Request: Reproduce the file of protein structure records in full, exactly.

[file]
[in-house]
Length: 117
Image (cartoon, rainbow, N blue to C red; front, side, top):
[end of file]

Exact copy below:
[in-house]
Length: 117
Image (cartoon, rainbow, N blue to C red; front, side, top):